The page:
In this beautiful, heartfelt and often humorous mini-autobiography, beloved storyteller Ruskin Bond relives the days of his childhood and teenage. He writes of carefree days in the port city of Jamnagar where little Ruskin
would read books upside down, wander into old palaces, go for rides on lurching boats and in swooping, looping aeroplanes, and listen to tall tales told by a loving ayah and a colourful cook. He also describes his schooldays
in Shimla—being dressed up as Humpty Dumpty for his very first stage performance, making friends and planning pranks. He remembers his days in Delhi, where he lived with his father for one magical year when they explored
monuments, cinema halls and shops selling ice-creams and comics. And he recalls his time in Dehra when he developed his love of reading and writing, cycled far and wide and loafed in the bazaar with new-found friends.
Funny and imaginative, nostalgic and tender, this truly timeless book— embellished with lovely colour illustrations—is a record of a very special childhood.
Basava and Sivakka are two ordinary children growing up in the village of Hampi in Karnataka. One day, Basava finds a set of sculpting hammer and chisel, and as he starts carving with them, the magical instruments take them
right back in time to the Hampi of the sixteenth century, when it was ruled by the great Krishnadeva Raya!
Here they make friends and are plunged into a world of scheming dancers, talented artists, powerful emperors who live in fabulous palaces and more. And when Basava becomes an apprentice sculptor, he is commissioned by the legendary Tenali Rama himself to create something in stone that will make him laugh!
Subhadra Sen Gupta can make history come alive like no one else. This pageturning adventure story is not only exciting, but is also filled with the wonder that was once the magnificent Vijayanagar Kingdom.
The hills of Nandagiri,1920: the Irish Kildare Regiment is part of the vast machinery that holds together the British Empire for the Crown of England. Back home in Ireland, the Irish War for Independence is raging and is met with a ruthless backlash; the Black and Tans—an English paramilitary force set up to crush Irish dissidents—spread death, indignities and destruction wherever they go.
In Nandagiri, Rose Twomey, an Irish-Indian, and Michael, a soldier from the Kildare Rangers, fall in love, defying the social norms of the time that disapproved of such unions. As news of the Black and Tans’ atrocities reach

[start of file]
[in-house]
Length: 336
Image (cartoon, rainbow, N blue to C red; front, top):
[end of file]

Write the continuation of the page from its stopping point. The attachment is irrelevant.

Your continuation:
India, anger brews among the Irish soldiers against the Crown they’ve sworn to serve, leading to mutiny, arrests, court-martials and executions. Rose and Michael are helpless in the political maelstrom blowing around them that rips through their lives and dreams.
Sixty years later, in those very same hills, families torn apart by those turbulent decades are forced to reckon with the horrors of the past, heartbreak, loss and alienation, but they may yet, perhaps, finally find healing
Through a love story spanning an era of Indian and Irish history, The Tainted describes the continued disconnect that many Anglo-Indians live in, unable to come to terms with being unwanted in the country they consider ‘home’ (the land of their White fathers), the bitterness they pass down to their children and their mutually conflicted relationship with a country they are unsure whether to call their own.
Profoundly compassionate and a masterful storyteller, Avinuo Kire describes a world that is as breathtaking as it is shattering; where military occupation and magic co-exist.
‘The Disturbance’ holds three interconnected stories, set against the backdrop of the Indo-Naga conflict that began in the late 1940s and remains unresolved to this day. Told through the eyes of women from three succeeding generations of the same family, the stories recount how Naga people remained determined to hold on to normalcy even in the face of occupation, state torture, the tearing apart of families and racism.
In ‘New Tales from an Old World’, everyday events in the mountains are infused with an element of the supernatural. Naga myths and folk legends slip effortlessly into tales of hard farm life, childhood terrors and adventures in the countryside, love and mourning. In these stories, hunters, predators, Tekhumevi (weretigers), secret potions, shadowy-demons called Kamvüpfhi, strange spirits and enchanted forests, find a place in contemporary Nagaland with remarkable ease.
This volume, both a political declaration and a personal love-note to her land, establishes Avinuo Kire as a writer of formidable skill. The Last Light of Glory Days is an exquisite unravelling of the tired tropes that cast Nagaland as another undistinguishable piece in the ‘Northeast’.
A little boy goes riding on a boat. He has been told many fearful stories of sea monsters and strange sea creatures. But what really happens on the boat? Then he is taken high up, far above the land in a tiny plane. The pilot loves to take his plane up and down, diving and swooping. Is that fun? On a train, the boy goes slowly up a hill, amidst piles of snow, through an amazing winterland. But this is no ordinary train, for it is taking a whole load of schoolboys to their boarding school. Can such a train ride really be exciting?
Find out in this set of stories where a young Ruskin Bond travels by train, plane and boat, and tells us all the marvellous adventures from his childhood days. Charmingly illustrated, written in simple language that will delight